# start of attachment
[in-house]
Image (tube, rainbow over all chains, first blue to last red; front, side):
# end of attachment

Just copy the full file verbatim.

[in-house]
Image (tube, rainbow over all chains, first blue to last red; front, side):